Harris House, Hardraw[edit]

The school, through the J.G. Bird Trust, owns an ex-school and attached headmaster's house in the village of Hardraw, near Hawes, Wensleydale.[6] School parties of up to 30 students and staff frequent this listed building known as 'Harris House' to take part in outdoor pursuits. It was built in 1875 and comprises the school teacher's house, junior and infant classrooms and the former kitchen. It closed in the 1960s and was bought by WHGS, which at the time owned several centres similar to but smaller than this. It was then converted for WHGS use. The centre was known as 'Hulme House' until 1993, when W.C. Harris, an Old Hulmeian, left £50,000 in his will for the renovation of the property. The house was hence renamed after its principal benefactor. The accommodation holds 34 people with 3 dormitories for 8 and 3 other rooms which sleep 2, 3 and 4 people; groups regularly use the centre for outdoor pursuits, field courses, Duke of Edinburgh's Award expeditions and training.

School life[edit]


The School supports two charities, St. Ann's Hospice and Henshaw's Society for Blind People. A number of fund-raising activities are held throughout the School year, including bag-packing at local supermarkets and providing refreshments at various School activities.

House system[edit]

The House system had operated for more than 100 years until recent changes were made. The original houses were Whitworth, Gaskell, Byrom, Fraser, Heywood and Dalton. These have now been replaced by Hulme, Jones, Bonnick and Roberts, all named after benefactors of the School. The House Masters are all senior staff. Heads of House and House Prefects are elected annually. House artifacts, namely shields, banners and portraits, can be seen at the school in the New Hall.

Origins of Houses[edit]

The Houses in the old system were named after influential Mancunians:

New-system houses are named after influential Hulmeians/benefactors:

  • Bonnick - WHGS Teacher, 1940s-1990s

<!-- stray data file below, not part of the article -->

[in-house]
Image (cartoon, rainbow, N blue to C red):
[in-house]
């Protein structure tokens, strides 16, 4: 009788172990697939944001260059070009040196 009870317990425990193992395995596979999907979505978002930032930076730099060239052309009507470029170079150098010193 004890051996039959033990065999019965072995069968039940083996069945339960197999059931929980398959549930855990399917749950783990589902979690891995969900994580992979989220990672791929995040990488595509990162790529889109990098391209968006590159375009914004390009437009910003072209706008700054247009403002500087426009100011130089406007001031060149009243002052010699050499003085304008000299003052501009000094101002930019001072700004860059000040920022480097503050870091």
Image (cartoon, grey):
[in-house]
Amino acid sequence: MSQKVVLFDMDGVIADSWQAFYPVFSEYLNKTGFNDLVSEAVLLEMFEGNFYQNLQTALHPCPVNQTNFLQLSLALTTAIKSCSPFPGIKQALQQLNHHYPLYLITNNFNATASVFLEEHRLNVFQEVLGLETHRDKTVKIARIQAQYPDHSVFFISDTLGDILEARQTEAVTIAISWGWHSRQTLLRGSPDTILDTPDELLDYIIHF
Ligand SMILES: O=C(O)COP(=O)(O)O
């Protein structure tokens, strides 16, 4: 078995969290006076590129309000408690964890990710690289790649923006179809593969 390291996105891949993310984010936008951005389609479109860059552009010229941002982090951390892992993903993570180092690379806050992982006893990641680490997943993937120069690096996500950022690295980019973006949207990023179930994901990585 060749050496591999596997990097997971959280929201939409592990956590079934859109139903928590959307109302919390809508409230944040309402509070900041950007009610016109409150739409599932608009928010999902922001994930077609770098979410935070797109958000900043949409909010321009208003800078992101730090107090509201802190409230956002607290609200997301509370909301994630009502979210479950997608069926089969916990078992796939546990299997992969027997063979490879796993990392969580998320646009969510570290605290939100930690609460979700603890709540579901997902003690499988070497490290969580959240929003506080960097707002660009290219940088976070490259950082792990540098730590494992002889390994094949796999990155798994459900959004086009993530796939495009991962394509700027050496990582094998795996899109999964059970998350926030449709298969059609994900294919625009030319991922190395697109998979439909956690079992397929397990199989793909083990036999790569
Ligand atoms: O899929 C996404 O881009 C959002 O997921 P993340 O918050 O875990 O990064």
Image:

• Hulme - William Hulme, founder
  • Jones - Samuel Jones, Old Hulmeian, donor of first of the School's shields, for the form football competition.
  • Roberts - William Roberts, benefactor. Resident of Whalley Range who donated £2000 in 1899, which was used to extend the School's grounds.

Combined Cadet Force[edit]

Towards the end of their second year (Year 8), the majority of pupils join the voluntary CCF (the "Corps"). Uniform is issued and cadets accompany the Contingent on a Field Day in June and, if they wish, Summer Camp, where they take part in a wide variety of activities. They train once a week at School, following syllabuses which lead to promotion and qualifications.

Cadets join either the Army (Duke of Lancaster's Regiment) or the RAF Section, both of which are officered by teachers, whereafter a minimum of five terms' service is expected. They may then choose to continue as NCOs in the Sixth Form, during which time they undergo more advanced training and assist in instructing the younger cadets. The Corps meets weekly and takes part in a Field Day each term. In addition to Summer Camps, there are two camps at Easter, one on an RAF Station, the other adventurous training in North Wales. Membership offers many advantages, not least of which is the opportunity to apply for a wide range of residential courses offered by the services; especially popular are leadership, gliding, first aid, engineering and signals.


A concert band/orchestra exists and plays in several concerts each year along with the choir, jazz band and samba band.

Note on the organ[edit]

The organ was installed in 1982 under the guidance of PJ Callaghan, Head of History. It has Great and Swell manuals and a pedal board of 2.5 octaves. By 2008 the organ had ceased to be used more regularly than in a few hymn practises and the Christmas service each year and has fallen into slight disrepair, with a few keys on the swell manual requiring work.